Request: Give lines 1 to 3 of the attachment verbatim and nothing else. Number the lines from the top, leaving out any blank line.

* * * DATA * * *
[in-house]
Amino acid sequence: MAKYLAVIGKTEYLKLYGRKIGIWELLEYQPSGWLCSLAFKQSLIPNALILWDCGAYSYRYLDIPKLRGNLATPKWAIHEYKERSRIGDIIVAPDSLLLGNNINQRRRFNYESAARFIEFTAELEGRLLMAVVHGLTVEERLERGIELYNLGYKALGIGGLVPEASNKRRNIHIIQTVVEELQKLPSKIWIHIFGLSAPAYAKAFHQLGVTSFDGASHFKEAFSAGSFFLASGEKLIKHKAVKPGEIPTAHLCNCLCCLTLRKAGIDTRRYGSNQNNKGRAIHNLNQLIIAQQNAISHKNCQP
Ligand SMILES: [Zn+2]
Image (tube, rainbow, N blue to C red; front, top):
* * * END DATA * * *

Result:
[in-house]
Amino acid sequence: MAKYLAVIGKTEYLKLYGRKIGIWELLEYQPSGWLCSLAFKQSLIPNALILWDCGAYSYRYLDIPKLRGNLATPKWAIHEYKERSRIGDIIVAPDSLLLGNNINQRRRFNYESAARFIEFTAELEGRLLMAVVHGLTVEERLERGIELYNLGYKALGIGGLVPEASNKRRNIHIIQTVVEELQKLPSKIWIHIFGLSAPAYAKAFHQLGVTSFDGASHFKEAFSAGSFFLASGEKLIKHKAVKPGEIPTAHLCNCLCCLTLRKAGIDTRRYGSNQNNKGRAIHNLNQLIIAQQNAISHKNCQP
Ligand SMILES: [Zn+2]